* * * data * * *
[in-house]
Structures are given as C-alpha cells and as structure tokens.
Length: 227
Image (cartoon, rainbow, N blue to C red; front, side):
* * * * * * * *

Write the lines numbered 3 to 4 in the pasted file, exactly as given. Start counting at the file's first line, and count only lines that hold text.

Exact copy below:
Length: 227
Image (cartoon, rainbow, N blue to C red; front, side):